House budget-writes learned Wednesday that the state's budget gap has widened by roughly $1.5 billion, reaching an estimated $4.6 billion. The estimated shortfall is based on new projections generated after final tax payments due April 15 fell by 40 percent compared to a year ago. During the last two recessions, final tax payments fell by only half of that percentage. For the fiscal year ending June 30, the state is on pace to see a nearly 11 percent decline in total tax collections compared to last year, which Barry Boardman, the General Assembly's chief economist, called "unprecedented" in recent state history. "The state has never experienced the types of shifts in revenue that we're experiencing now," Boardman told lawmakers.
The news means House Democrats, who are drawing up their version of a spending proposal for the next two years, will have to dig deeper for spending reductions beyond what the Senate found in its budget plan approved last month. Additional taxes beyond the Senate's $550 million proposed increase for next year are possible, too. "These figures are astounding right now," said Rep. Mickey Michaux, D-Durham, senior co-chairman of the House Appropriations Committee. House budget subcommittee leaders should receive their spending targets by the end of the week, he added. The latest revenue projections predict North Carolina will receive $17.52 billion in revenues during the 2009-10 fiscal year, or $1.3 billion less than projected earlier in the spring, according to a report provided to lawmakers. Officials must add another $200 million to that gap because Gov. Beverly Perdue opted to use some of next year's federal stimulus funds to close this year's shortfall, said Evan Rodenwald, another legislative fiscal analyst.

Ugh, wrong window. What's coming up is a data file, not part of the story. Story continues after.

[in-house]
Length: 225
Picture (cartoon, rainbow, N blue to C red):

The shrinking revenues mean the House will have to make deeper cuts than the $22.1 billion that Perdue's office initially said was needed to run state government for the fiscal year that begins July 1. That figure was expected to maintain services at current levels, adjusted for inflation. Both Perdue's and the Senate's budget proposals used more than $1 billion in stimulus funds to narrow the gap. The revised projections also suggest lawmakers will need to find an additional $2 billion in revenues or cost cutting in the 2010-11 fiscal year.
While the state's economy could recover as soon as the end of the year, Boardman said it could be 2013 before North Carolina's revenue figures reach the $20.8 billion that had been expected this year before the economy soured. "We're a long way from getting well," said Sen. David Hoyle, D-Gaston, co-chairman of the Senate Finance Committee. Sen. Bob Rucho, R-Mecklenburg, said the state would be a better situation today if it had spent less and saved more this decade. But he said now wasn't the time to take an "I told you so" posture. "When hard times are present, you don't try to point a finger at somebody," Rucho said.(Gary D. Robertson, THE ASSOCIATED PRESS, 5/06/09).